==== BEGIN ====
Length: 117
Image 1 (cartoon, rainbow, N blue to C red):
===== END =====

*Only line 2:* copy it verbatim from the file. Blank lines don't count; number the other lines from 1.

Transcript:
Image 1 (cartoon, rainbow, N blue to C red):